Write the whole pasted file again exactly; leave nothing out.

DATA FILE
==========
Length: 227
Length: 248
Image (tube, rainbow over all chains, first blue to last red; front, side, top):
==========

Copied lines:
Length: 227
Length: 248
Image (tube, rainbow over all chains, first blue to last red; front, side, top):